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Publication numberUS5820416 A
Publication typeGrant
Application numberUS 08/778,505
Publication dateOct 13, 1998
Filing dateJan 3, 1997
Priority dateJan 4, 1996
Fee statusPaid
Publication number08778505, 778505, US 5820416 A, US 5820416A, US-A-5820416, US5820416 A, US5820416A
InventorsAlan L. Carmichael
Original AssigneeCarmichael; Alan L.
Export CitationBiBTeX, EndNote, RefMan
External Links: USPTO, USPTO Assignment, Espacenet
Multiple contact wet connector
US 5820416 A
Abstract
A multiple contact wet connector that includes a male connector assembly having a nose portion that removably fits within an axial cavity in a female connector assembly. The connector assemblies are constructed for attachment to equipment and instrumentation in a wet environment. Each of the connector assemblies include a plurality of conductors that are constructed for attachment to conductors in the equipment and instrumentation. Each conductor in the male connector assembly is matched with a conductor in the female connector assembly for transmission of a signal therethrough. Electrical contacts within the connector assemblies provide individual contact of the matching conductors. Insulators separate and insulate the electrical contacts from one another. Seals between the contacts isolate the fluid near one contact from the fluid near the other contacts. Thereby, the seals further insulate the contacts from one another.
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Claims(26)
I claim:
1. A multiple contact wet connector for connection of electrical or communication lines in a fluid-filled wet environment comprising:
a male connector assembly having a nose portion;
a female connector assembly;
said female connector assembly having a female connector assembly wall;
said female connector assembly wall defining a female cavity in said female connector assembly;
a fluid evacuation bore for providing fluid communication from said female cavity to a position exterior of said female connector assembly;
receiving means in said female connector assembly for removably receiving said nose portion;
a plurality of male conductor means for providing conductive electrical communication through said male connector assembly;
a plurality of female conductor means for providing conductive electrical communication through said female connector assembly; each of said plurality of male conductor means corresponding to a separate, matching one of said plurality of female conductor means to form a plurality of matching pairs of conductor means;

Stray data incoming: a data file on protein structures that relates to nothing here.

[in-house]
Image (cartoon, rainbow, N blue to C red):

a plurality of contact means for providing electrical conductive contact between said plurality of matching pairs of conductor means when said nose portion is functionally inserted in said receiving means;
said plurality of contact means operable while in direct contact with said fluid filled wet environment;
insulation means for separating said plurality of contact means; and
said insulation means prohibiting flow of said fluids between matching pairs of conductor means thereby limiting said conductive electrical communication to communication between said plurality of matching pairs of conductor means.
2. A multiple contact wet connector as claimed in claim 1 wherein:
said nose portion having a first nose end and a second nose end;
an elongated, substantially cylindrical central nose portion of said nose portion;
a conical portion at said second nose end having a conical portion diameter that increases from said second nose end to said central nose portion; and
said conical portion diameter maximum diameter equalling the diameter of said cylindrical central nose portion.
3. A multiple contact wet connector as claimed in claim 1 further comprising:
a male connector attachment means for connecting said male connector assembly to a first set of wet environment equipment; and
a female connector attachment means for connecting said female connector assembly to a second set of wet environment equipment.
4. A multiple contact wet connector as claimed in claim 4 wherein:
said male connector attachment means is cooperative threading; and
said female connector attachment means is cooperative threading.
5. A multiple contact wet connector as claimed in claim 1 wherein said receiving means comprises:
said female connector having a first female end, a second female end, and an axis;
said female cavity being axially aligned with said female connector axis;
said female cavity extending from said second female end partially through said female connector assembly; and
said female cavity sized and constructed to receive said nose portion.
6. A multiple contact wet connector as claimed in claim 5 further comprising:
said female cavity having an inner end;
said fluid evacuation bore providing fluid communication from said female cavity proximal said inner end to a position exterior of said female connector assembly.
7. A multiple contact wet connector as claimed in claim 5 further comprising alignment means for facilitating receipt of said nose portion in said female cavity and providing functional longitudinal alignment of said female connector assembly relative to said male connector assembly.
8. A multiple contact wet connector as claimed in claim 7 wherein said alignment means comprises:
said male connector assembly having a first male end and a second male end;
a male connecting portion of said male assembly proximal said second male end;
said nose portion extending from said male connecting portion to said first male end;
a frustoconical male engagement portion of said male connecting portion having its larger diameter proximal said second male end and its smaller diameter distal said second male end;
a frustoconical female engagement portion of said female cavity proximal said second female end;
said frustoconical female engagement portion having its larger diameter proximal said second female end and its smaller diameter distal said second female end;